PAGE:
Dear Penny: My Sister Is Broke Due to Her Freeloading Sons. Do I Help Her Anyway?

A mother and son look unhappy.
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Dear Penny,

My sister left her husband and moved into the city I live in now, living a block away from me. Shortly after, her two sons (currently 28 and 25) moved here also and live with her. 

The eldest hasn't worked since 2017 because my sister says he has anxiety issues. He's worked before, and it's my view he's manipulating her. He signed up for COVID unemployment in 2020 and received it until I brought attention to it. I've had anxiety and stutter my entire life and I've worked since I was 14. The youngest works off and on. He will work a job for a few weeks and then quit because it's not exactly what he wants. He has this luxury of course because he has a roof over his head and food.

My sister is a schoolteacher who will turn 61 in a few months. The burden of all the bills usually is on her. She also drives Uber and tutors to try to make ends meet. She received $40,000 from her divorce last year, and that money is already gone. Her sons won't get the COVID vaccine, and the younger one was in the hospital for two weeks. I'm pretty sure she paid the hospital bill with her divorce money.

I spoke to her last night and she is super down because her car broke down so she can't Uber to make money for bills. She can't afford to pay the rent and will have to pay the cost of the car being fixed in payments. 

I've spoken to her many times about how she should insist that her sons work to help out. She now just shuts down if I talk about it. I'm sure she won't change her situation. 

My question is, I could help but I feel it would be enabling the situation and she would be in the same situation in a month or two. I don't really have extra money but do fine. Should I help out financially when there are three possible breadwinners in the house and they aren't helping? I've offered to find her financial counseling as well.


Dear M.,

Your sister knows what you think about her sons. So since you’ve said your piece — plenty of times, it sounds like — you should consider helping only if you can accept your sister’s choices. That doesn’t mean you have to approve. It’s more of a why-beat-a-dead-horse type of thing.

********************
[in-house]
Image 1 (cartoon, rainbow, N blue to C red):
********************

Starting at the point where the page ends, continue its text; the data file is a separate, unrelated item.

But I do think helping your sister out makes sense. It sounds like the car repair bill could be the domino that causes everything else to collapse. If your sister can’t pay rent and gets evicted, she’ll have difficulty finding housing for years to come. If she falls behind on bills, she’ll destroy her credit. Bad credit is notoriously expensive, triggering exorbitant interest rates plus security deposits for just about everything.

It’s frustrating when you see how someone’s decisions compound their troubles. None of us gets life right every single time, though. And I think your sister sounds like she’s doing the best she can. She’s clearly a hard worker if she’s pursuing side hustles while also working as a teacher. Her sons may be making it harder for her to get ahead financially, but I think she’s also had some bad luck. Since it sounds like her divorce was recent, drawing hard lines with her children may be more than she can emotionally handle right now, even if they are a burden.

I don’t think you’re enabling your sister if you offer to help with the car repair bill. But you need to make this a gift, not a loan. If there’s one thing I’ve learned from writing this column, it’s that giving money to family members with the expectation of getting repaid is among the fastest ways to ruin a relationship.

It doesn’t sound like your sister has actually asked you for money. Regardless, if you help her out, make it clear that this is a one-time assist. Tell her you’re not in a position to make this a repeat occurrence. Should she ask you for money in the future, tell her no to avoid making this a pattern.

Normally, I’m not a fan of gifts that come with strings attached. But in this case, it might make sense to tell your sister you’ll help her on the condition that she accept your offer to help her find a financial counselor. Financial counselors tend to work with people who are struggling with the basics, like budgeting and debt. You can find one through the Association for Financial Counseling & Planning Education’s search tool at

There’s no guarantee that your sister will make any significant changes, of course. Sometimes we’re more willing to listen to advice when it comes from a neutral third party, though.

You clearly care about your sister. You’ll probably feel even more pressure to help her if this situation escalates further and she’s falling behind on bills because she doesn’t have a working vehicle. So if you’re inclined to help out your sister, don’t delay. Bailing her out now will be way less costly than if you wait until her finances have imploded.

Robin Hartill is a certified financial planner and a senior writer at The Penny Hoarder. Send your tricky money questions to [email protected].